ADDRESS BY HIS EXCELLENCY MR. FATHULLA JAMEEL, MINISTER OF EXTERNAL AFFAIRS OF THE REPUBLIC OF MALDIVES AT THE GENERAL DEBATE OF THE THIRTY-THIRD SESSION OF THE UNITED NATIONS GENERAL ASSEMBLY
It is a great pleasure for me to offer you the warm congratulations of the delegation of the Republic of Maldives on your election to the high office of the President of the United Nations General Assembly. Your election is a unanimous endorsement by the international community of Your Excellency’s outstanding qualifications and qualities, and the constructive and positive role played by your country, Colombia, in the work of the United Nations. My delegation is confident that your mature knowledge of the work of the United Nations, in this contemporary age, will help provide us with your clear insight and guidance in the proceedings of the current regular session of the General Assembly.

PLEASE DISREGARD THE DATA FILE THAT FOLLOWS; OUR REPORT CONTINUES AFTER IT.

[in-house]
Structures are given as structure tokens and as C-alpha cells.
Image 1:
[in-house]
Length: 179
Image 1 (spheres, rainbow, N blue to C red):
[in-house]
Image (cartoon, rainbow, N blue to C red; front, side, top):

I also convey sincere and warmest congratulations to your predecessor, His Excellency Mr. Lazar Mojsov, who presided over the thirty-second session, and the three important special sessions of the General Assembly, with efficiency, dedication and wisdom. He won the admiration of the world community through his outstanding contribution to the success of those sessions. I take this opportunity also to thank His Excellency the Secretary-General Dr. Kurt Waldheim, for his most comprehensive report of this year, in which he has evaluated the work of this Organization, and for the effective and untiring efforts discharged in the service of international peace, cooperation, and the accomplishment of the objectives and ideals of this Organization. Mr. President, The delegation of Maldives welcomes and congratulates the people of the Solomon Islands, a sovereign and independent State, on her admission to the United Nations family as its 150th Member. The accession of that island group to independence is a tribute to the important role played by the United Nations in the field of decolonization. Her admission to our family is a significant step taken forward, in the eradication of colonialism, and brings our Organization nearer to the attainment of its goals of universality. Mr. President, My delegation deems it important to recall the three special sessions of the General Assembly held earlier this year. They highlighted the urgency, the gravity and the global concern, over the problems dealt with during those sessions.